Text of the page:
Even if you don’t consider yourself much of a swimmer, there are two times of year in particular when swimming can look pretty darn appealing. One is when the weather has chased you indoors to the point where you’re starting to get batty and the other is when warmer pool weather arrives. That second one is where a lot of us are right now.
Yes, splashing around and playing casually in the pool is good exercise, but it doesn’t compare to the fitness benefits swimming laps. Swimming for distance is, hands down, one of the best ways to cross-train and build fitness. If you’ve never tried swimming as a serious training tool, here are a few tips to get started.
Learn (or refresh) the basics. Lots of us took swimming lessons back in the day and, like riding a bike, most of that will come back to you in no time. If you’re feeling a little rusty, splashing around a little informally to regain your bearings is probably a good idea. If you never did learn proper swimming technique, there are lots of adult-oriented classes out there, not to mention some good information online.
Find a lap pool. A good lap pool is pretty much essential if you’re going to do any serious distance work in the water. Whether your gym has a dedicated pool just for the back-and-forth crowd or you belong to a pool that has a lane or two marked off, it’s important you have your own space to work without having to dodge a crowd as you work. Ask the lifeguard about any rules or just generally accepted lap etiquette that may be in place at that particular pool.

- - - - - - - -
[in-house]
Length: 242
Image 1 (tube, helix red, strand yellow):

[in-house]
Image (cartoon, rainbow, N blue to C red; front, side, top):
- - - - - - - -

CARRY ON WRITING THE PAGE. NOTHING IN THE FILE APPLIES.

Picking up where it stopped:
Check the schedule. Especially as you’re just getting started swimming laps, getting to the pool where there aren’t a lot of people competing for lap space can make things a lot less stressful. Ask around or check the pool schedule to see if there is downtime when you’ll be most likely to have some room to yourself. Again, lifeguards or pool staff can clue you in about whether there’s a big morning rush or a convenient lull in the afternoon that you should know about.
Team up. If you weren’t exactly on the swim team when you were younger, there’s a good chance you have a friend or two who was. Having a knowledgeable person take a look at your stroke and offer some basic tips can be hugely helpful. See if you can find a swimming buddy to get you up and running. You might even end up with a training partner both in the water and out.